Readers will be introduced to Antonio, a gargantuan child-molester; Henry Crumb, leader of a Neo-Nazi group called the Sisters whose situation has driven them to homosexuality; and Klein, a wife-beater who “hadn’t been aiming to leave a bloody mess of a woman, he’d been planning to leave a bloody corpse of a woman” (Klein’s wife Janet is a central character in Juniper, making him one of the few direct connections between the two books).
The authorities are scarcely better than the criminal underworld. Tome emphasises racism as a particularly grave evil, one embodied by the character of Hezekiah Fleming. A warden at the prison, Fleming is an avowed racist; his office has a taxidermied woodchuck holding a Confederate flag, and he fits right into a prison where a pulley arm once used for hanging slaves is still on display. He receives the opponent of his nightmares in the form of Dolores Fink, sent by the Correctional Investigation team of the US Marshal Office to investigate the suspicious deaths. Being black, she is an immediate object of Fleming’s hostility; but despite all of his efforts, she appears impossible to intimidate. Desperate to do away with her, Fleming makes a deal with the convicts he is supposedly trying to keep in line.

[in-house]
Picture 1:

Continue reading “Tome by Ross Jeffery (2021 Splatterpunk Awards)”
Lori, an aspiring true crime writer, is engaged in correspondence with a convicted serial killer named Edmund Cox. Ostensibly she hopes to wring a book deal out of her communications with the murderer, but her interest in Cox is far more than merely professional, as she feels a deep emotional bond with him: “In conversations with those who took life, Lori no longer felt dead inside. Killers, of all people, made her feel alive.” She even visits him in prison, where he makes a peculiar request. He asks her to visit an old hideout of his – a riverside shack never traced by the authorities – where she will find a key. This, Cox explains, she must take to The River Man. He gives no more information about this personage: no proper name, no address, no explanation as to what he would want with the key. All he says is that, if Lori follows his directions, she and The River Man shall meet.